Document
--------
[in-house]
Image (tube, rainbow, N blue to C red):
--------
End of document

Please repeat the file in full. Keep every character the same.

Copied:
[in-house]
Image (tube, rainbow, N blue to C red):